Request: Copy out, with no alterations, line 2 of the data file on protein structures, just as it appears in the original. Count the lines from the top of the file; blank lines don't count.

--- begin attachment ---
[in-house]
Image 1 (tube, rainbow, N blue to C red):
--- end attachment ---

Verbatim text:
Image 1 (tube, rainbow, N blue to C red):